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More competition means better health care

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To the editor:

The recent front-page story about the ordeal of a young NAU student in needing some serious, and expensive, health care when she doesn't have insurance coverage illustrates what's wrong with our current system: government rules that stymie competition and tie health insurance to a job. A better system, and one that certainly would have benefited Ms. Bacigalupo, would be a free market.

Why? Well, in a free market, where insurance wasn't mandated through employment, she not only would have found it easier to shop around for insurance, but being in about the lowest-risk pool imaginable (young), it would have been relatively inexpensive. If we can end the nonsensical insurance coverage of regular medical care, like for routine doctor visits and shots, she would only have to buy the health insurance she really needed -- catastrophic coverage. This would also tend to keep her costs low -- maybe even lower than someone her age buying auto insurance.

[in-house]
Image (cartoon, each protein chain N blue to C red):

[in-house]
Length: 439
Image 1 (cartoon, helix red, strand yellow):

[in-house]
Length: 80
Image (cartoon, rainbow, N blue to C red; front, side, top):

Over time, with a health savings account, she could save money to provide for health care between these two extremes, further keeping her actual insurance costs down. Indeed, if her parents could have done this, and if such an account were transferable to their children, they might have had the wherewithal for the health care needed now.

The better system has more competition and more freedom, not more government regulation, more government intervention and more government mandates. Yet, the so-called "reform" enacted by Congress moves us further away from a better system.




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